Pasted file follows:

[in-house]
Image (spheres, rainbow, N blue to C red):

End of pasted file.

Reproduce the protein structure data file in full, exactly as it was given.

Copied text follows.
[in-house]
Image (spheres, rainbow, N blue to C red):